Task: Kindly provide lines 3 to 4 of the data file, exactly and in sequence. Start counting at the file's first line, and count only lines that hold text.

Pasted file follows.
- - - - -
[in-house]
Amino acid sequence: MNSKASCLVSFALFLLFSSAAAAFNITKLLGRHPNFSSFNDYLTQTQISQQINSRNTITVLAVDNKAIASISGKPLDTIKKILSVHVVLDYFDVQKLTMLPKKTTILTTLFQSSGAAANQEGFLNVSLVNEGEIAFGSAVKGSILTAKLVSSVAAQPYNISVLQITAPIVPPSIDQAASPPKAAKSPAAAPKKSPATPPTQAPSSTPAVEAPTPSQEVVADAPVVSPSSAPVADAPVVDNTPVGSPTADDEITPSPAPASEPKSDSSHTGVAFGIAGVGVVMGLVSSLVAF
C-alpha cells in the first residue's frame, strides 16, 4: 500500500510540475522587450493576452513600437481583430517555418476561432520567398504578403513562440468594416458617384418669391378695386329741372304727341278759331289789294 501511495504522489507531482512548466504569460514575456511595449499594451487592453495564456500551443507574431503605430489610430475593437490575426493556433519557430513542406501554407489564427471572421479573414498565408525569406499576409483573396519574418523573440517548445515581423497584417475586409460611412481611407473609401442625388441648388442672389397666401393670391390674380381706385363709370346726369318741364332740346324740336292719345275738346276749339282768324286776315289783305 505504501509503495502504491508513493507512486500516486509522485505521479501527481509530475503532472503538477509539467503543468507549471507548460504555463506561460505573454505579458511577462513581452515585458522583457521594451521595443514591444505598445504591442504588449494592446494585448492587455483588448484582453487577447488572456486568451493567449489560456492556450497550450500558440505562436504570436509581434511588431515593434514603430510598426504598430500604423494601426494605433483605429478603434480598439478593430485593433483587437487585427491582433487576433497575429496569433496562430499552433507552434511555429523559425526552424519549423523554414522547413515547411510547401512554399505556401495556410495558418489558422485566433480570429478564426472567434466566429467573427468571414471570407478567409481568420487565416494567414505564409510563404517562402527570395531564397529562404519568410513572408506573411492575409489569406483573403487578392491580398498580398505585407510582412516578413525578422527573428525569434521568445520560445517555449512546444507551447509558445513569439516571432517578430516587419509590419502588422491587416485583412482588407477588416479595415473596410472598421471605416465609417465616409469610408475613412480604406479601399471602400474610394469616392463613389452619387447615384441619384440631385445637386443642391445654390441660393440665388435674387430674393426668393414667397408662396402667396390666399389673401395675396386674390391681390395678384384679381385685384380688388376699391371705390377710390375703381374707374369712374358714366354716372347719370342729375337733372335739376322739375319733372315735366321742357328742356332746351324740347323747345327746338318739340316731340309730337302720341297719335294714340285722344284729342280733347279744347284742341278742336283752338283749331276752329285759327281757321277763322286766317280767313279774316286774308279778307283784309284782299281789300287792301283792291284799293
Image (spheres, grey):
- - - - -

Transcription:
C-alpha cells in the first residue's frame, strides 16, 4: 500500500510540475522587450493576452513600437481583430517555418476561432520567398504578403513562440468594416458617384418669391378695386329741372304727341278759331289789294 501511495504522489507531482512548466504569460514575456511595449499594451487592453495564456500551443507574431503605430489610430475593437490575426493556433519557430513542406501554407489564427471572421479573414498565408525569406499576409483573396519574418523573440517548445515581423497584417475586409460611412481611407473609401442625388441648388442672389397666401393670391390674380381706385363709370346726369318741364332740346324740336292719345275738346276749339282768324286776315289783305 505504501509503495502504491508513493507512486500516486509522485505521479501527481509530475503532472503538477509539467503543468507549471507548460504555463506561460505573454505579458511577462513581452515585458522583457521594451521595443514591444505598445504591442504588449494592446494585448492587455483588448484582453487577447488572456486568451493567449489560456492556450497550450500558440505562436504570436509581434511588431515593434514603430510598426504598430500604423494601426494605433483605429478603434480598439478593430485593433483587437487585427491582433487576433497575429496569433496562430499552433507552434511555429523559425526552424519549423523554414522547413515547411510547401512554399505556401495556410495558418489558422485566433480570429478564426472567434466566429467573427468571414471570407478567409481568420487565416494567414505564409510563404517562402527570395531564397529562404519568410513572408506573411492575409489569406483573403487578392491580398498580398505585407510582412516578413525578422527573428525569434521568445520560445517555449512546444507551447509558445513569439516571432517578430516587419509590419502588422491587416485583412482588407477588416479595415473596410472598421471605416465609417465616409469610408475613412480604406479601399471602400474610394469616392463613389452619387447615384441619384440631385445637386443642391445654390441660393440665388435674387430674393426668393414667397408662396402667396390666399389673401395675396386674390391681390395678384384679381385685384380688388376699391371705390377710390375703381374707374369712374358714366354716372347719370342729375337733372335739376322739375319733372315735366321742357328742356332746351324740347323747345327746338318739340316731340309730337302720341297719335294714340285722344284729342280733347279744347284742341278742336283752338283749331276752329285759327281757321277763322286766317280767313279774316286774308279778307283784309284782299281789300287792301283792291284799293
Image (spheres, grey):